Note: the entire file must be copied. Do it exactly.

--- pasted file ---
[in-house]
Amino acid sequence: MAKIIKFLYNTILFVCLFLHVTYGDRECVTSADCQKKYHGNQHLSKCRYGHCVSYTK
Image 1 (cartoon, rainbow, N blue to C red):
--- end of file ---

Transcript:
[in-house]
Amino acid sequence: MAKIIKFLYNTILFVCLFLHVTYGDRECVTSADCQKKYHGNQHLSKCRYGHCVSYTK
Image 1 (cartoon, rainbow, N blue to C red):